Mrs. Morgan speaks with the ill-advised confidence that Britain is a majority Christian country. Most, I imagine, would agree with this assertion, as Britain has always been considered, traditionally, Christian. Since our old favourite Henry needed a way to get rid of Catherine of Aragon, the Church of England has been the dominant domination. But, although held up as a certain common knowledge, the face of British attitudes towards religion today have in fact never been less certain, and in many respects that’s perhaps self-evident as well. In the wake of the largest Christian holiday, the commercialisation of Christmas has never been more apparent. Britain has embraced the Black Friday Sales, and more than ever the Christian message is being lost behind the religiously ambiguous ‘Happy Holidays’ cards.
Throughout this saga, not once has the DfE mentioned the increasing secularisation of British society. Many have pointed to Mrs Morgan’s failure to acknowledge the publication of a major two year report entitled ‘The Commission on Religion and Belief in Public Life.’ Chaired by the former High Court Baroness Butler-Sloss, and with contributions from Christian, Muslim, Sikh and Hindu representatives as well as theological experts, the report concluded that Britain was no longer a predominantly Christian country. Through extensive research it reveals that currently only two in five identify as Christian, and the proportion who do not follow a religion at all has risen from a third in 1983 to almost half in 2014. The commission’s overall conclusion called for public life in the UK to be less centred around Christianity. All this however, is apparently null and void in the face of what Mrs Morgan calls the “creeping ratchet effect” of humanism that is set to takeover religious education.
When faced with this evidence and Nicky Morgan’s latest guidance, a number of glaringly obvious contradictions arise. The most evident of which being that while Mrs Morgan has commendably embraced the multi-faith realities of modern Britain by including major world religions such as Buddhism, she is apparently unwilling to educate British children with an accurate representation of our religious society. In comparison to 180,000 Buddhists registered in the 2011 Census, the majority of the population who identify as non-religious do not deserve ‘equal air time’. Really Mrs. Morgan, if you’re going to offer a balanced perspective on all religions, you have to look at the majority opinion of no-religion too.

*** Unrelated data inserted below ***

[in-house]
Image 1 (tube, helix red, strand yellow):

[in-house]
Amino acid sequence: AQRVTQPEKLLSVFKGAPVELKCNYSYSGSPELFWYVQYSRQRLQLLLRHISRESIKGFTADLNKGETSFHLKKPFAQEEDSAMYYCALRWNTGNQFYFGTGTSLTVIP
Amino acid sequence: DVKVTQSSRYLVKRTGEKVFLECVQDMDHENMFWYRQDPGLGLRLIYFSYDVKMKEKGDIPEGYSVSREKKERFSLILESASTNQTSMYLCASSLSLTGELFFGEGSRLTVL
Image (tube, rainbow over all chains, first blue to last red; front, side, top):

I appreciate that the argument might be raised that religious education should be reserved for practicing religions, and that other philosophies can be covered in PSHCE or whatever other forgettable acronym has been decided upon most recently. However, in the face of increasing secularism, non-religious views such as humanism are rising to take equal precedent and value as religious beliefs. Rather than passed off as a brief subtopic under ‘Ethics and Philosophy’, non-religious belief, not necessarily under the title of ‘Humanism’, has a long and valuable history. There have been dissenters, heretic and apostates throughout history, and non-religious ideology has been explored by many great thinkers from Marx to Bentham, Socrates to Erasmus. While non-religious belief may not be united under a common text, it remains just as valid for human philosophy and existential questions, and just as inextricably linked to world religions as it at odds to them.
Finally, this debate has raised again the idea that perhaps we should take the French route and remove religious education from the curriculum entirely. It would certainly remove the need for this argument, but I’d consider it to also remove a key part of education as well. Religion is a fundamental element of human nature and history. While there’s no doubt that religion, and particularly Christianity within Britain, is becoming less important, religious education remains so, if not more important now than ever before.
Yes, a balanced religious education should be taught in schools. And yes, in light of its growing significance the history and philosophy of non-religious views are just as worthy of an equal standing on the curriculum. Perhaps an unbiased lesson in General Politics while we’re at it might be a good idea too, so that the next generation can be well-informed enough to vote someone other than Morgan in.